Why don’t these people just get married? What on eartH? You are sleeping with this person. Why not marry them?  

I don’t get it!

I have a friend who had a child with her boyfriend. He was willing to marry. She said No. She tried other flavours. They broke up. She cried for about a year because she lost the love of her life. So why not get marry in the first place and stick to one flavour! 

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Just now, Sunday21 said:

Why don’t these people just get married? What on eartH? You are sleeping with this person. Why not marry them?  

I don’t get it!

I have a friend who had a child with her boyfriend. He was willing to marry. She said No. She tried other flavours. They broke up. She cried for about a year because she lost the love of her life. So why not get marry in the first place and stick to one flavour! 

That's always been my question as well. How is getting married more of a commitment than having a child? Why do you want to sign a lease or buy a house with someone who could take off the next day and say "see ya" because they didn't like the way you looked at them last night? I just don't get it.

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59 minutes ago, Sunday21 said:

Why don’t these people just get married? What on eartH? You are sleeping with this person. Why not marry them?  

I don’t get it!

I have a friend who had a child with her boyfriend. He was willing to marry. She said No. She tried other flavours. They broke up. She cried for about a year because she lost the love of her life. So why not get marry in the first place and stick to one flavour! 

If I weren't a member, I would try different flavors, but I certainly wouldn't have a kid out of marriage.  That is just dumb.

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Just now, MormonGator said:

I don't get it either. My favorites are the ones who have matching tattoos, four kids together yet don't get married because they are "afraid of commitment". 

Yeah at that point, I mean that ink ain't going anywhere (without costly and painful medical procedures). That piece of paper has got to be easier than the tatoos...the kids too of course☺.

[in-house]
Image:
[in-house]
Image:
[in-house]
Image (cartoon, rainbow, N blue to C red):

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1 minute ago, Midwest LDS said:

Yeah at that point, I mean that ink ain't going anywhere (without costly and painful medical procedures). That piece of paper has got to be easier than the tatoos...the kids too of course☺.

From what I've heard, laser removal of tattoos hurts more than the actual tattoos. I'd never get it, that's for sure. 

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5 minutes ago, Midwest LDS said:

That image sounds horrific. Man, I'm too much of a baby even around needles, that's a nightmare scenario for me right there.

So, um, how do you explain that tear drop tattoo you have under your left eye pal? 

 

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On 4/11/2018 at 6:29 AM, Sunday21 said:

The person claimed that we shun former members. By the end of the post, the person claimed that we harass former members.

Also, Joseph Smith was both a nefarious genius schemer putting intricate multi-year plans into play, and a no-account lazy scoundrel what nebber worked an honest day in his life.  

And the church in general is both created and led by man via the arm of flesh, as well as created and led by satan via evil luciferian supernatural power masquerading as angels.

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1 minute ago, NeuroTypical said:

Also, Joseph Smith was both a nefarious genius schemer putting intricate multi-year plans into play, and a no-account lazy scoundrel what nebber worked an honest day in his life.  

And the church in general is both created and led by man via the arm of flesh, as well as created and led by satan via evil luciferian supernatural power masquerading as angels.

Someone has been talking to paracaidista...

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Just now, Sunday21 said:

Ok. I have to ask...what are these teardrop tattoos? Do they signify something?

I think it represents either murders committed or prison terms served. Usually it's a gang thing I believe.

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There can be symbolism in tattoos, but a good little mormon boy like me often doesn't speak the language to translate.

They tell me the flesh of your hand between thumb and forefinger, is a place to talk about your view of the world.  Supposedly, "(" followed by ")" means the world is full of tears, the afterlife will rock.  Reverse the order of the smiley/frowny, and you get the opposite worldview - grab your kicks now, because hell will stink.

Edited by NeuroTypical

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4 minutes ago, Sunday21 said:

Ok. I have to ask...what are these teardrop tattoos? Do they signify something?

There are a TON of urban legends about it and of course it means different things to different people but the reality is that the original meaning was pretty grim. It began as a prison tattoo  signifying that you were in jail for life, which usually means you've committed a very serious crime.